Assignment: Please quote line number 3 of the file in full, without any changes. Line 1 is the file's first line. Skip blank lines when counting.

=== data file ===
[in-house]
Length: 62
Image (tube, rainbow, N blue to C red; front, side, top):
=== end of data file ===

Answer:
Image (tube, rainbow, N blue to C red; front, side, top):